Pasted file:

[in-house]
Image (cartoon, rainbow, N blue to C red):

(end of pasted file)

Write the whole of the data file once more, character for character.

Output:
[in-house]
Image (cartoon, rainbow, N blue to C red):